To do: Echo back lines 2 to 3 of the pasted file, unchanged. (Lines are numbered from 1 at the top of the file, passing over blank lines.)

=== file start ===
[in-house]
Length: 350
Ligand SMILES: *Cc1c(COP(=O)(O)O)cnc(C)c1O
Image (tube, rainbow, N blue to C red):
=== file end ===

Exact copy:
Length: 350
Ligand SMILES: *Cc1c(COP(=O)(O)O)cnc(C)c1O